Last Saturday I volunteered at Salt Lake City’s Color Run. The happiest 5K run on the planet. Volunteers splashed powdered color on runners wearing tutus, rainbow headbands, and striped socks. It was pretty incredible to watch.
The run benefited two charities. Global Citizen - a movement, website, and app invested in ending extreme world poverty, and UN Women of Utah – an organization working to help women and children in a variety of ways including refugee services, eliminating prostitution, and advocating education for girls in Africa.
My friend, Nikki (pictured above) is the go-to girl for both. Years ago, through the International Refugee Committee, she connected me to a Sudanese family that I spent time with during my college years, helping them acclimate to a new life in the United States.
Saturday was the first time in years I’ve volunteered somewhere beyond math facts and reading at the elementary school. And it got me thinking. When I do have a little more time, as kids go to school, and life cracks open a bit, how will I spend it?
My interest was piqued when a friend shared a FAIR talk with me, given by Sharon Eubank, director of LDS Charities. I thought it interesting that she was asked to talk on a subject unrelated (so I thought) to her work. A topic that has worn us out of late: Women in the Church. Continue reading
The August edition of the Segullah Journal is up.
It’s been a roller coaster of days, weeks and hours of moving house and life across the country this summer and all the time leading up to it. Moving was/is/will continue to be disquieting , strenuous and leveling, all in a constant upheaval of sanity and satiety. Yet, when I sit and settle myself into good writing or soak in lush art, the world settles a little softer in my soul. It’s the reason I have to have the pictures on the wall and the books on their shelves before my mind and body can be at ease, at home in my new home.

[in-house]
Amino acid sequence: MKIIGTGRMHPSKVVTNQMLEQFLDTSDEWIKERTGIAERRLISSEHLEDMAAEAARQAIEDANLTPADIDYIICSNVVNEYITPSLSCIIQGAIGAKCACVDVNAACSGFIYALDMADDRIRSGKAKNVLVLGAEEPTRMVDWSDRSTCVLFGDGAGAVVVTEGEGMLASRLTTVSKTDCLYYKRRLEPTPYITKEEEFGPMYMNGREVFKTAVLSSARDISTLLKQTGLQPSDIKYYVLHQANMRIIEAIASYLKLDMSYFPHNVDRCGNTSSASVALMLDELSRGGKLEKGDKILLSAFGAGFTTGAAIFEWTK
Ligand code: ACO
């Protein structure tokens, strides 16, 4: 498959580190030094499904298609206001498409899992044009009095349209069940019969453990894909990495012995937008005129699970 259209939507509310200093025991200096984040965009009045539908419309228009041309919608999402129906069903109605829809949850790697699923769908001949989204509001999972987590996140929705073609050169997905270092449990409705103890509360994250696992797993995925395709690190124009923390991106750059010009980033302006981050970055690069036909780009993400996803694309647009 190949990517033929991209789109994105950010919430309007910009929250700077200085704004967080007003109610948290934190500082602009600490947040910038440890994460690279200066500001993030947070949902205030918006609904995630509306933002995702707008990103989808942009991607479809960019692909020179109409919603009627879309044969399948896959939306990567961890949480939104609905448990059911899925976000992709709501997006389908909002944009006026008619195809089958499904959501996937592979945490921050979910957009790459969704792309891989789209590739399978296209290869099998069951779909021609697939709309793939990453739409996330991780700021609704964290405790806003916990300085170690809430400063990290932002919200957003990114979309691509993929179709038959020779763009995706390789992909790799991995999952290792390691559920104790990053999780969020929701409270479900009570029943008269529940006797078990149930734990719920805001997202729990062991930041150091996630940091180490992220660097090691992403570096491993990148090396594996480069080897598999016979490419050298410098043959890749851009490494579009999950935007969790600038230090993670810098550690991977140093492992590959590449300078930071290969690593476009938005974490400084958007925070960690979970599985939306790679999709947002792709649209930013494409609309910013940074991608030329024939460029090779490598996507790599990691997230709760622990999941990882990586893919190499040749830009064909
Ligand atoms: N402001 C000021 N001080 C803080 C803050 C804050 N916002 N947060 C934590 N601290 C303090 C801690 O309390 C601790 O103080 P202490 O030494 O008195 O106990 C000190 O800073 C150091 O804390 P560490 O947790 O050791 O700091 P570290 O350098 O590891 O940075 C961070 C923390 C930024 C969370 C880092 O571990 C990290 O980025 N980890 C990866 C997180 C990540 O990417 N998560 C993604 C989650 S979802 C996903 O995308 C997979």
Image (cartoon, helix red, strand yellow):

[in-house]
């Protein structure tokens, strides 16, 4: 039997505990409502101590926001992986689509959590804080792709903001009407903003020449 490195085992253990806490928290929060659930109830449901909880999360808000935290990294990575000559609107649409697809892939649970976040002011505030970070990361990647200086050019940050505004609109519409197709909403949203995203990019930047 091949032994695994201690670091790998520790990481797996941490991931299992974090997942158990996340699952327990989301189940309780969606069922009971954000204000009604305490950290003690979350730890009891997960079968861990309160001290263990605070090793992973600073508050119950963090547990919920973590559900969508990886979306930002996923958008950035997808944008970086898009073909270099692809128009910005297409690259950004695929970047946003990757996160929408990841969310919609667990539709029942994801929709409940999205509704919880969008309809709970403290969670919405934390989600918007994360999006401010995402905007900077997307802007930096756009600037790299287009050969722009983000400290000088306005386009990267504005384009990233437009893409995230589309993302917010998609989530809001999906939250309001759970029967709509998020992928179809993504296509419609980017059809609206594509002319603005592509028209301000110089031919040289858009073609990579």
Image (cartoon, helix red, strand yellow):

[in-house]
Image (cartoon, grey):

While my house is still a wreck of plastic wrappings and cardboard packaging, I felt at home in my study room catastrophe this evening as I read this month’s offerings of poetry and prose. I was lifted and lighted and settled.
I remembered why I always feel at home here at Segullah.
We hope you do too- here on the blog and in always at the Segullah Journal.
If you are stopping by my new house sometime soon, accept fair warning for the lack of burnished beauty or organization, and mostly for the mess I’m working through as I strive to get my own books on the shelves and art on the walls. But please, stop in to admire, sink in and soak up the fine things we are hanging up and setting out at the Segullah Journal this month. It’s really great stuff.
P.S. New things are around the corner for next week. Watch for good stuff to come on the blog too.
Patrick with Elder Nielson, the first missionary he ever met, 1998.
In the greater Brisbane (Australia) city area, if there is a news report of a stabbing, armed robbery, police car chase or drug-related arrest, chances are it’s in the southern suburb of Logan. So, obviously, that’s where my sixteen year old son was called to serve for a week on his “mini-mission”.
Cue parental heart attack, anxieties and worry.
I dropped him off one Saturday morning to the missionary flat, where two elders came out to the car to help with his bike, his suitcase, backpack and groceries. A final “Bye Mum, love you” tossed over his shoulder and I was driving back home, an hour north of where I’d just abandoned my firstborn to the cruel uncaring world. The entire way home I was praying – pleading – with God to make sure Patrick would be well, and happy, and gain something positive out of his mini-mission (and not be mugged, or hurt, or…) Continue reading
Like most avid readers, books aren’t just a side-note in my life, a mild but harmless diversion. Instead, books often become the backdrop against which I live my life, the questions facing characters raising themselves in unexpected ways in my own life.
I’ve been thinking a lot lately about this bookish lens. A couple of weeks ago, I read Rebecca Mead’s fascinating, My Life in Middlemarch, a hard-to-classify book that is part biography, part memoir, part literary history–and all about the transformative power of George Eliot’s Middlemarch. In it, Mead describes how reading this book at different times in her life changed the way she saw herself.
I think we’ve all experienced something of the way language transforms our lives, and the lens through which we view ourselves, particularly with scriptures. But I find it happens with other literature too. Continue reading
Over eight years ago, I tore some kind of soft tissue deep in my right hip, and it has affected me every day since. I’ve taken a variety of stances towards this injury, but lately have stood in an unusual place: I’m grateful for my injury.
A thumb injury circa 2006 actually led to my hip injury a few weeks later.
I was cutting carrots too carelessly and cut off the tip of my left thumb. While that was healing, I took about a month hiatus from yoga. When I resumed my practice, I foolishly forced my right leg into a half lotus position, failing to realize how much flexibility I had lost over a month. When I shoved my shin onto my lap, I felt damage occurring in my right angle, right knee and right hip.
My ankle and knee healed up completely. My right hip will never fully recover.